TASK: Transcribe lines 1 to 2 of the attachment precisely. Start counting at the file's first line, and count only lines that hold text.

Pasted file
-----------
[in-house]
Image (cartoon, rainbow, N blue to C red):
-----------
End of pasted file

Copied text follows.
[in-house]
Image (cartoon, rainbow, N blue to C red):